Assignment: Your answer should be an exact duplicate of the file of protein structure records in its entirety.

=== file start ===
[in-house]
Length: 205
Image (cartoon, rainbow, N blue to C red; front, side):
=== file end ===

[in-house]
Length: 205
Image (cartoon, rainbow, N blue to C red; front, side):